This year, they’ve returned with 10 Years, a catchy, kitschy song written by lead singer Daði Freyr for his wife Árný, who’s part of the group.
It’s well sung, with memorable choreo, dodgy sweaters, video game effects and pyro (naturally). However, they won’t be performing live in the contest following news one of the group tested positive for COVID.
This means their performance on the big night will be a prerecorded video filmed during rehearsals in Rotterdam.
Will this hurt their chances? The roar that greeted their semi-final video performance and the even bigger roar afterwards, when they appeared on screen in their hotel, means this could actually get a boost from voters.
5. Ukraine: Go_A, SHUM
This song is part dancefloor banger, part techno, part-Eastern European trad sounds. There is a recorder break in there, too!
Visually, it’s one of the most striking stagings in the contest, with lead singer Kateryna Pavlenko and her backing band standing on a frozen tundra with white, bare trees behind them.
There’s also a huge light show on the big screen, but its hard to take your eyes off Pavlenko and her brilliantly intense deadpan vocal.
This country has a history of sending absolutely wild music shows to Eurovision (think Verka Serduchka in 2007) but this is right up there, and it could deliver a third win for Ukraine.
4. Switzerland: Gjon’s Tears, Tout l’Univers
Tout l’Univers has been a fan favourite for months. The fact that it’s the kind of song you find yourself humming absentmindedly hours after hearing it probably has something to do with it.
Singer Gjon Muharremaj stands dressed in a fitted black shirt and trousers, with only a bit of light choreography here and there, white light flickering across his face, and a relatively simple set behind him for this number.
The lyrics are in French, but at the end of the three minutes this song takes to crescendo you’ll feel something, regardless of whether you have any idea of what Muharremaj is saying (for the record though, this song is about taking risks and loving one another).
But is Europe in the mood for a second consecutive win from a man dressed in block colours, and who doesn’t use the stage all that much as he sings a slow-build ballad?
3. Malta: Destiny, Je Me Casse
Malta’s Destiny was *the* favourite to beat this year, until the rehearsals came around. Since then, she’s been the on-again, off-again number one.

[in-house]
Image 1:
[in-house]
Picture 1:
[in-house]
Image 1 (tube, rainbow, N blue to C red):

Currently, the 18-year-old is the number three favourite, but a win from her wouldn’t be all that surprising because she’s technically done it before: the vocal powerhouse won the Junior Eurovision Song Contest back in 2015.
Since then, she’s been on Britain’s Got Talent and X Factor Malta. So, singing competitions are kind of her thing.
Her song, Je Me Casse (which loosely translates to “I’m leaving” or “I’m out”) is bold, showcases her range and is all about empowerment.
Destiny dons a bedazzled and tasselled asymmetric dress for the live performance, complemented by silver thigh-high boots as she sings, “If I show some skin, doesn’t mean I’m giving in. Not your baby! Je me casse”, surrounded by female dancers in head-to-toe hot pink.
If body-positive bangers heavy on big vocals and choreo and GIFable moments are what you’re looking for this year, then this is the song for you.
2. France: Barbara Pravi, Voilà
There is more than a hint of Edith Piaf in this simple, classy song, which balances traditional French sounds with a more modern staging.
It’s focused on Barbara, the camera never loses sight of her for three minutes, and her emotions, gestures and vocals carry the song.
She’s already had some success in the world of Eurovision, co-writing the song J’imagine, which Valentina sang to win last year’s Junior Eurovision for France.
Like our number one, Barbara represents a ‘big five’ nation, so her performances that count are all for the final.
But she has momentum from the rehearsals, a song that stands out from the big “show” numbers elsewhere, and 20th spot in the order which has had two winners in the last 23 editions of the contest.
1. Italy: Måneskin, Zitti E Buoni
This four-piece band took a rock number to the San Remo Festival which usually provides Italy with its Eurovision entry and slayed, now they’re in Rotterdam as favourites for the contest.
How Montaigne wrote Technicolour
Dynamic range, a surprising moment and spectacle: this is Montaigne’s strategy for a winning Eurovision song.
Their entry is a grungy anthem, with distinctive rock guitar and a driving beat.
A decent part of the appeal is the charisma of frontman Damiano David, whose swagger, barechested look and growly vocals help drive an already impressive song.
They’ve been sounding tight in rehearsals Italy skipped all the semi-final tension to go straight to the big final and it has a solid draw early enough in the second half that everyone’s ears won’t have overloaded with all the songs.
It’s been a while since a rock act won at Eurovision, but this might just break the drought.
Montaigne shares her strategy for Eurovision success.